This is a congenital medical condition characterized by a distinctive facial dysmorphism resembling in infancy to a “Greek warrior’s helmet appearance.” This is observed in patients with a broad bridge between the nose and the forehead, microcephaly, high forehead with prominent glabella, ocular hypertelorism, epicanthus, highly arched eyebrows, short philtrum, downturned mouth, micrognathia, and poorly formed ears with numerous pits/tags. Developmental delay and mental retardation of variable degree is present in all. Other features include severe muscle hypotonia, seizures, with prenatal onset. Cardiac malformations are observed in half of the cases and consist of septal defects, pulmonary valvular stenosis, and patent ductus arteriosus. Mental retardation is usually severe. Initial reports have suggested a predisposition to the development of malignant hyperthermia; however, subsequent reports have failed to confirm this association although there is no clear position about it. Antibody immunodeficiencies are also common, particularly for the IgA. T-cell immunity is otherwise normal. The disease is associated with a high mortality rate, approximately 30% within the first 2 years of life, with the most common causes of death being lower respiratory tract infections and congenital heart disease/cardiac failure.
Deletion 4p; Monosomy 4p; Dillan 4p Chromosome Deletion Syndrome; Dillan Syndrome.
N.B.: The ☞Pitt-Rogers-Danks Syndrome (Pitt Syndrome; PRDS) is known as a milder form of the ☞Wolf-Hirschhorn Syndrome and is often mistakenly diagnosed as a WHS (see “Other conditions to be considered” below).
This syndrome was first described in 1961 by two American physicians named Herbert L. Cooper and Kurt Hirschhorn (b. 1926). Dr Hirschhorn is an Austrian born American pediatrician, medical geneticist, and cytogeneticist who identified the chromosomal defects of the Wolf-Hirschhorn Syndrome (WHS). In 1995, he received the William Allan Award in human medical genetics. This medical condition subsequently gained worldwide attention following the publications of articles in the German scientific magazine Humangenetik by the Ulrich Wolf, Kurt Hirschhorn et al.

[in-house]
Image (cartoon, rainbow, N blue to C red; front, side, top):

Although the exact frequency remains unclear, it has been estimated at 1 in 95,896 live births in the general population. The prevalence is estimated at 1:50,000 live births. It has been suggested that there is a female to male ratio of 2:1; however, it is believed this to be wrong due to misdiagnosis in males.
It is believed to be caused by a partial microdeletion of the short arm of 1 chromosome 4. This deletion is located within the HSA band of chromosome 4p16.3, particularly in the region of WHSC1 and WHSC2. It is reported that in 87% of cases, a de novo deletion can be identified whereas the remaining 13% are inherited from a parent with a chromosome translocation.
The critical zone for development of this disorder is located distal to the Huntington ...